Is Being ‘Good’ Not Enough for You?
How to be the BEST at Krav Maga
I’m not going to lie and tell you this article is about being nice and dandy. It’s not! I know you want to be the best you can be and you want to be able to kick anyone’s ass in any situation, you want to be untouchable (though you don’t admit it freely). It’s natural, we’ve all watched too much television and grown up in a world where violence has been glorified. We want to see ourselves as the hero who can function effectively in the face of adversity and stick-it to the villains of the world.
Reality is never that perfectly written, and without trying to get to the root causes of such desires, I’m just going to offer some pathways for you to get yourself closer to that destination. If you really want it, you need consistency, dedication and clear focus. On top of that, having, passion to fuel you is important.
First of all, I do not condone inappropriate use of force and actions in violent situations and conflict. Imi, the Founder of Krav Maga was a big advocate of his students being ‘good citizens’, and we hold that core value very close to our hearts.
Never-the-less, here’s an overview of my tips to becoming the Krav Maga weapon you’ve always wanted to be…
Please note that what I’m listing below isn’t for everyone! If you’re willing to go the extra mile, then you’re in for a good shot.
Train In Your Krav Maga Gym for a Minimum 5 Hours a Week. Whether you do a few classes back to back, or spread it over a few sessions, it’s important that you’re getting good exposure to training. If you see the opportunity to do more, then do more!
Get Super Fit.
Sure you don’t need to be an athlete to defend yourself, but if you want to be a WOMD then I suggest you get super fit and agile. Do lots of running, skipping, ladder drills, pad rounds, HIIT, strength work, etc. Do as much as you can so that you have the ability to defend and attack from any position effortlessly. Make sure whatever you do is functional so that it transfers to your Krav Maga.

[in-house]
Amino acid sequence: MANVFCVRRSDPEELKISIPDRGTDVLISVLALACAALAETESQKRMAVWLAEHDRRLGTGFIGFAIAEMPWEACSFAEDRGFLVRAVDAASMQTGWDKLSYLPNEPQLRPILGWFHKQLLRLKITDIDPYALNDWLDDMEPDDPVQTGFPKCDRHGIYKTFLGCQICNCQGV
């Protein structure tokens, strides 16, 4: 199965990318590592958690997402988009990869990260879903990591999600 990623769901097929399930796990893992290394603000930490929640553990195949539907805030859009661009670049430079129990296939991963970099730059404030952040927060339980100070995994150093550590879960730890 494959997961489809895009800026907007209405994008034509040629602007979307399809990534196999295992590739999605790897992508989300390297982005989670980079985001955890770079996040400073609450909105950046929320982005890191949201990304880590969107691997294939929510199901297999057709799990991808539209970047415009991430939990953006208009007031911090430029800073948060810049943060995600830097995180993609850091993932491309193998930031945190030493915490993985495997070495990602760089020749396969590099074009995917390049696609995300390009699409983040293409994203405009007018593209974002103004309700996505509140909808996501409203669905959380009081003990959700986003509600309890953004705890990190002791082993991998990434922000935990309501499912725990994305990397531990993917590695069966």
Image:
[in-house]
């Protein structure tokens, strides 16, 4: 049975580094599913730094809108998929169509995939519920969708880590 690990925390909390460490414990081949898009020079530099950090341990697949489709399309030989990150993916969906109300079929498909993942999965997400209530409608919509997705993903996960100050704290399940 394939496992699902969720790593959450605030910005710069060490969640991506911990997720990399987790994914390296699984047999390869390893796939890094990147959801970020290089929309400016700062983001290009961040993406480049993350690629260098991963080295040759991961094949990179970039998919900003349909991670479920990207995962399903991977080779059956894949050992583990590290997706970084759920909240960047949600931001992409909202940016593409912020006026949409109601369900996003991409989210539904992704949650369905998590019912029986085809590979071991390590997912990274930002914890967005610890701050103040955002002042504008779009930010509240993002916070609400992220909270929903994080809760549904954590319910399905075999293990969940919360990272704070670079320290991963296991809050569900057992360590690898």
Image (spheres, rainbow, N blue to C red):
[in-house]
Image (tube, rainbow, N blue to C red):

I first learned about this topic from Deane Lawler. The most basic way for me to explain is that it teaches you to ignore the shock of an attack and go on the offensive as quickly as possible (if not simultaneously in the worst case situation).
How does it work? The attacker will aim to stun you to simulate the shock of being hit, and you’re job is to disregard the shock and strike back. The aim is to create a pattern of instinctive countering. It becomes subconscious and really, REALLY, REALLY works magic! If there was just one idea you’d take out of this out of this whole article, it’s acclimatization.
How to drill it: Have your partner hold two focus mitts in their hands. They will attack you to the head with circular hand strikes. You must do a head cover/gunt and an immediate, powerful counter to focus mitts (remember, power is derived from speed, mass and distribution/technique; you can modify this to suit your needs, and we’ll release videos to show variations).
It resonates with me and the focus I put on teaching and training. It’s inline with Krav Maga principles and with my personal experiences in the real world. As someone who has been in many real violent situations, I can say that this form of training really gets you conditioned to the reality of these situations and to the reality of what it takes to survive.
Get The Killer Instinct.
If you don’t develop this, you’ll likely be in shit. You need to have a real brutal and vicious machine inside you, ready to switch into a bloodthirsty, cannibalistic animal that refuses to be taken down. You have to be badder than the bad. You need to get in touch with your dark side, and really embrace it to help you fight for the forces of light. If you’re too nice, you might need to work on this!
To survive real conflict, you need to be able to lift your game to a whole new intensity and you need aggression, determination, courage and a fair bit of ‘crazy’ to get through it.
Work on developing strong intentions and actions to what you need to do. Meaning paint in your mind and in your training all the tools to be brutally effective. While doing this always aim to create a mind that cannot be distracted from the task and that will do whatever it takes.
Do 30-60 minutes of Shadow Krav Maga Daily.
You can call this whatever you want. Just ensure you’re working on your Krav Maga in a way where you’re practising your striking, footwork, and defences in the air. Focus on good form, having flow, and on working from natural positions/points in time. You want to give yourself a good contextual understanding of Krav Maga and doing it like this will help you make it all natural. You may feel awkward doing it initially, but that’s part of the process when integrating your movements so they become like second-nature to you. Remember that perfect practice makes perfect, so go in with the right attitude, energy and focus so that you have good awareness of yourself.
Repetition is only good if your technique is good. If you do it wrong, you just drilled a bad habit, so stay aware.
Ensure You’re Pressure Testing And Scenario Drilling.
You need to be running live testing drills that simulate reality as close as possible. You’ll hopefully get lots of drills in class, but if not, just organise a little group and do it somewhere on the side. I’d be looking at doing this at least 1-2 hours a week and doing as many multiple attacker rounds as possible. *Remember to always put safety first. Do it realistically, but do it responsibly.*